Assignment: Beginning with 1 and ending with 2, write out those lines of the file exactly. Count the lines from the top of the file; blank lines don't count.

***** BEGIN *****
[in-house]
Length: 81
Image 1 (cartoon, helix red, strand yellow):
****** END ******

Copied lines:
[in-house]
Length: 81